Q: Often, people underestimate the importance of having muscles. Why are muscles important?
I see the importance of muscle firsthand. My wife cannot move. Her muscles atrophied fast the first year since she couldn't load the skeleton and muscles. She is basically aged 40 years in 1 year. Her bones are brittle, she has osteoporosis, and she needs injections. She is now skin, bones, and ligaments with very little muscle left. Her bones and joints are loose, and it's not only a tragedy for someone so young but life-threatening.
Q: Do you have any takeaways you want to leave our readers with?
Muscles, via strength training, are one of the pillars of youth and staying agile and capable until you die. The heart is our most important muscle, and while the heart benefits from food choices and cardiovascular activity, the rest of the body needs to lift heavy loads to stay strong.
We admire people with visible muscle for a reason; we innately know it's good for us and want it too. Lean bodies, in particular, evoke this awe, but being too skinny is often counterproductive.
Muscles also give you a feeling of empowerment. You feel able. You can help yourself and others. Q: Tell us about Moment Of Impart, the documentary.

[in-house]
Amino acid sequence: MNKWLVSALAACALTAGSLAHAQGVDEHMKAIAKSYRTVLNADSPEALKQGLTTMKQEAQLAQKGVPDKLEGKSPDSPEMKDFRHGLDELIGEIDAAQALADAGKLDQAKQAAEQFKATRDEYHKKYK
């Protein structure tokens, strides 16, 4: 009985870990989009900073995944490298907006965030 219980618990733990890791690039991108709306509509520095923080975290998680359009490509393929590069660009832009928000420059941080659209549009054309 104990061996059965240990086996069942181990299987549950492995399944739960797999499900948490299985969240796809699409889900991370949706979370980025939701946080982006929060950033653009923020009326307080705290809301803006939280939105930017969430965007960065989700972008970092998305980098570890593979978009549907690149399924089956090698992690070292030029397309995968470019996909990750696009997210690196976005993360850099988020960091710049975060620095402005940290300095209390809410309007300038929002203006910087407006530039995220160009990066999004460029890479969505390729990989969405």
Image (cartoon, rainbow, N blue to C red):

My documentary "Moment Of Impact" is about a love letter to my heroes and the blessings of love from friends and family that I found due to the accident. In retrospect, I see that I was so busy taking care of myself and Kat that I never thanked all these people that came and helped. I wanted to tell the world about them.
Next, we want to do a feature film, a dramatization of the book. The documentary is like a practice run for the next project.
It will be a True Love Story.
Support Kat, buy
TRUE LOVE AND SUFFERING
A Caretaker's Memoir of Trauma, Despair, and Other Blessings https://truelovethebook.com/
Dr Fitness USA THE SHOW aims to create a society of stronger and healthier people. Expanding our exercise vision, we interface it with medicine, bridging the gap between business, fitness, and medical professionals.
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Batista Gremaud is the CEO and president of Dr Fitness International, International Body Designer, Strength Training Expert, No1 Best Selling author of Feminine Body Design, Empowering Fitness For A Pain-Free Life, co-creator of the Feminine Body Design online strength training mentoring system, co-host of the Esoteric Principles of Bodybuilding, Recipient of the most outstanding fitness program 2019 by The Winners Circle, Mastermind at Sea. and producer of the Dr Fitness USA’s THE SHOW.
Heart Of Hollywood Magazine Contributor